“Our operations with planes, guns and drones are just the beginning,” warned President Recep Tayyip Erdogan. One fighter was killed in an offensive on a Russian base
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Devastation in Derik, Syria, after a Turkish attack (via Reuters)
The Turkish army attacked about 500 Kurdish targets in Iraq and Syria from which began a series of airstrikes on Sunday, Turkish Defense Minister Hulusi Akar said on Wednesday.
“A total of 471 targets have been hit and 254 terrorists they have been neutralized in the operation” Sword-Claw, Akar was quoted as saying by the official Anadolu news agency.
Kurdish forces for their part reported that one fighter was killed and three wounded on Wednesday in a Turkish drone strike of a Russian base in the northeast from Syria.
The victims are members of the Syrian Democratic Forces (SDF, a Kurdish-dominated coalition) at the Russian base, located in Hasaka province, SDF chief Farhad Chami said. According to the Syrian Observatory for Human Rights (OSDH), a UK-based NGO with an extensive network of intelligence sources in Syria, a Russian soldier was also injured.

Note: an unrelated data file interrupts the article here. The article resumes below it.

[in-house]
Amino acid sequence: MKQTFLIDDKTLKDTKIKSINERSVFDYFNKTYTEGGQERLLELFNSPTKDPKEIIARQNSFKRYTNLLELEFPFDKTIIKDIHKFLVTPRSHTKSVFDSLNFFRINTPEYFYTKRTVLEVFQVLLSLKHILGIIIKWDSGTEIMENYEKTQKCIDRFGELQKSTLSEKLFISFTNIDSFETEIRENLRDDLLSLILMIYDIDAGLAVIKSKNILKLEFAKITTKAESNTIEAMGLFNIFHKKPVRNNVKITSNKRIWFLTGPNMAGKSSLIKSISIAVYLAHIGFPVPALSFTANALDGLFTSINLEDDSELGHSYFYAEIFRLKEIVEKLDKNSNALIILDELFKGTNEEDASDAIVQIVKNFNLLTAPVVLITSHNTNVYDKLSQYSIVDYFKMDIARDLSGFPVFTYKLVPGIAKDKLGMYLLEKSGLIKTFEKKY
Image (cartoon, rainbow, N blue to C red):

(North Press Agency/via Reuters)
Turkey has been carrying out a series of air raids in Syria and Iraq since Sunday against Kurdish fighters belonging to what Ankara calls “terrorist” groups.
On Wednesday, the Turkish president said that it was more determined than ever to secure its Syrian border from attacks by Kurdish forces, threatening a ground operation “at the most convenient time.”
“Our operations with planes, guns and drones are just the beginning. Our determination to secure our entire southern border… with a safe zone is stronger than ever today,” Recep Tayyip Erdogan told lawmakers in parliament. “While we go ahead with uninterrupted air raids, we will suppress the terrorists also on the ground at a time that suits us best,” he told lawmakers from his party, the AKP.
Ankara launched Operation Sword-Claw, a series of airstrikes followed by sustained artillery fire on positions of the Kurdistan Workers' Party (PKK) and People's Protection Units (YPG) over the weekend.
< p class="paragraph">Turkey accuses these two movements – which deny the accusations – of ordering the attack that killed six people and injured 81 on November 13 in Istanbul, and threatens to launch a ground operation in the north of Syria to protect its southern border.
For its part, the OSDH said the attacks killed around 40 people.
On Tuesday Turkish artillery shelling at night focused on the iconic city of Kobane, according to the OSDH.
Kobane, a YPG stronghold that had been occupied by state jihadists Islamic State (IS) in 2014, it was recaptured by Kurdish militias in 2015 with Western support.
(With information from AFP)